according to Bishop Lowth *, uses three days for so many years. So Ezekiel, in ch. iv. 6 f. And as a week of days ended in a sabbatical day, so there was a week of years ending with a sabbatical years. And after this manner of computation the prophecies of Daniel are generally understood. The difficulty of settling whether the persecution foretold in this passage be of days or of years, arises from this, that we have very little history of the Church in those times when the prophecy was probably fulfilled, at the conclusion of the first, or commencement of the second century. Many of the Christian records were destroyed in the Dioclesian persecution. We have indeed an account of a persecution which the Church of Smyrna underwent about the year 169; when, amongst others, Polycarp, its venerable Bishop, or Angel, suffered martyrdom $: but there is no proof that this persecution continued either ten years, or only ten days. And it seems at too great a distance of time, upwards of 70 years, to be the persecution foretold by our Lord, who addresses the Smyrnaeans then living, and prepares them, not their grand-children, for the catastrophe. Besides, this persecution was extended to the other Churches of Asia, which would therefore have been prepared by the same warning. Less reason have we to suppose that this prophecy was fulfilled at the persecution under Diocletian; for the distance of time was still greater, being upwards of two hundred years, And this persecution raged throughout the empire. Yet we find this persecution applied to the prophecy by some writers, chiefly upon the notion that it lasted ten years, which, however, seems not to have been strictly the case;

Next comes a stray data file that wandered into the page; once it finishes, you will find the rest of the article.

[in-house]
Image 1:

* Ch. xx. 3. + Clarke, Serm. vi. 185. ! Exod, xxiii. 10, 11, 12. § Euseb. Hist, Eccl. lib. iv. c. 15. for